Reading Tom Zoellner’s book Uranium: War, Energy, and the Rock That Shaped the World (Viking) is a great way to wrap your head around many of the technical, geographical, and ethical issues surrounding nuclear power and nuclear weapons. By learning exactly how we came to turn an odd yellow rock into an agent of phenomenal promise and danger, you’ll be better informed to decide the wisdom of reviving nuclear power and letting nuclear weapons proliferate.
One of the book’s most memorable sections is about William L. Laurence, the public relations man who hyped the atomic bomb for the U.S. government. Laurence was a science writer for the New York Times who became so enthralled by nuclear weapons that he became their paid P.R. man while covering the science beat, a brazen conflict of interest that was kept secret until the day after the bombing of Hiroshima.
Zoellner chronicles Laurence’s almost spiritual conversion to the religion of the atom and unsparingly critiques his writing style, which was so over the top that the White House once sent back a press release draft for being too exaggerated:
Laurence never met a classical allusion that he didn’t like, or attempt to employ. ... Uranium was to Laurence, at various points, ‘a cosmic treasure house’ and a ‘philosopher’s stone’ or a ‘Goose that laid Golden Eggs,’ which ‘brought a new kind of fire that lead to ‘the fabled seven golden cities of Cibola.’ These messianic word-pictures of a life to come, though wildly overoptimistic , helped to create in the American public a generally positive and hopeful feeling about the dawn of the new atomic age.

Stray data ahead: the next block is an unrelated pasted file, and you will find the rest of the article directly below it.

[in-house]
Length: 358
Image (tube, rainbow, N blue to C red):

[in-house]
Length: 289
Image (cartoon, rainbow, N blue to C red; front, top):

Laurence, known as “Atomic Bill” to some, won a Pulitzer Prize for his Times series about the making of the atomic bomb—a prize that journalists Amy Goodman and David Goodman have said should be rescinded. Not only was Laurence on the War Department’s payroll, they contend; he also wrote stories that debunked the deadly effects of gamma ray radiation even as Japanese bomb victims lay dying.
Fairly, Zoellner notes that Laurence himself had misgivings about the “great forebodings” of the nuclear age, and once characterized the human race’s dilemma in his typically dramatic style: “Today we are standing at a major crossroads,” he wrote. “One fork of the road has a signpost inscribed with the word Paradise, the other fork has a signpost bearing the word Doomsday.”
It might have been as close to the truth as he ever got.